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Same-Sex Couples Married at the Stroke of Midnight in New Jersey with Joy
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At precisely 12:01 this morning, dozens of same sex couples formed a queue and awaited their opportunity to join together in lawful matrimony. New Jersey is now the 14th state allowing same-sex marriage. Bride and groom pairs from Boonton to Wayne, and up and down the garden state parkway tied the ceremonial knot while enjoying their newly minted legally married status.


One Asbury Park attorney and councilwoman, Amy Quinn, who married her partner, Heather Jensen on the boardwalk just moments into the start of the new day’s legislation commented, “To be able to get married in my home state, in a town that I adore, to be able to get married by friends, with friends, around friends, it’s such an amazing experience.” notes that Quinn and Jensen have been a pair for a decade, and that they were married in New York this June. They were not sure that they’d be able to marry in New Jersey. However, according to, “when the Supreme Court denied an attempt to delay a lower court’s order that New Jersey begin allowing same-sex couples to wed Oct. 21,” same-sex couples were let through the red tape and were allowed to legally marry in the state.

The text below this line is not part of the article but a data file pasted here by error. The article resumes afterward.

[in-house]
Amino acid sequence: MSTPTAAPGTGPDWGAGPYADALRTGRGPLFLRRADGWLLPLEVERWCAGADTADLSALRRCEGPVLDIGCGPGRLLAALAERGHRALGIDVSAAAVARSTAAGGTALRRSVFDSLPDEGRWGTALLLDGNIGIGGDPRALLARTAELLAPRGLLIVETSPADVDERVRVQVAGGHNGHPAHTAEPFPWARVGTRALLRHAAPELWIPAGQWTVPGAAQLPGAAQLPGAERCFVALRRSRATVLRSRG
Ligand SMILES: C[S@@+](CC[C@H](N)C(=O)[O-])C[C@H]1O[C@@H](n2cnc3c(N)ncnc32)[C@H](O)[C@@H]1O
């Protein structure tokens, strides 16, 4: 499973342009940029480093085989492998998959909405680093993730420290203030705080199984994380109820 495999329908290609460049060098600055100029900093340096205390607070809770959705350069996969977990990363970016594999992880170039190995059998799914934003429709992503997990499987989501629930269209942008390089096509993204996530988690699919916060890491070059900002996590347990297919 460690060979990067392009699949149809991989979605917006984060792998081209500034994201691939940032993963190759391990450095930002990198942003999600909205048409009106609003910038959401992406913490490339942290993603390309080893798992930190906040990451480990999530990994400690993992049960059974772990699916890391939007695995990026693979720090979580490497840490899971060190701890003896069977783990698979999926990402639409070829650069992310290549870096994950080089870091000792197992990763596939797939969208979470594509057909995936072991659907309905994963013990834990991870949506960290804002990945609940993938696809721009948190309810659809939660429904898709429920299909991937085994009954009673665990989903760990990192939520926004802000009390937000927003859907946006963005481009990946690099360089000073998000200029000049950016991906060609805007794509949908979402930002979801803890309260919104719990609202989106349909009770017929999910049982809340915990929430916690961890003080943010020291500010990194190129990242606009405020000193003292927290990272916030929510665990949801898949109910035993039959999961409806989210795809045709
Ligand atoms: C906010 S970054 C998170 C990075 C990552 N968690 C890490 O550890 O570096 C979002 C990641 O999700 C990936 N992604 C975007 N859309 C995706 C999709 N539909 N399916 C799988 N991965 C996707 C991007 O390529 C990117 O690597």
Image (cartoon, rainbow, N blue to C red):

The decision isn’t finalized, but gay and lesbian marriages are happening while the lower court’s appeal is being considered, and there is a small chance that the Supreme Court could possibly prohibit gay marriage after hearing the arguments in January. However, legal experts consider that relative to the current situation, that possibility is highly unlikely.

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At 9 pm on Sunday night Essex County Superior Court Judge Nancy Sivilli signed judicial waivers allowing the couples to skip the mandated waiting period between getting the marriage license and getting married. Couples who were waiting to marry in the state of New Jersey who were already married in another state didn’t have to wait. Couple Gabriela Celeiro and Elizabeth Salerno got their judicial waiver because they “didn’t want to wait one minute longer than absolutely necessary.” Salerno commented, “I want to get something in paper that this actually happened,” and she headed to Newark’s city hall with her soon to be wife Elizabeth Salerno, as they both waited to be married by Mayor Booker.

Mayor Booker was marrying the first couples when a protester started screaming, “This is unlawful in the eyes of God and Jesus Christ!” Mayor Booker, who was elected to the U.S. Senate last week, saw that the disruptor was removed, and he coolly continued, “not hearing any substantive and worthy objections,” as applause overwhelmed the moment.

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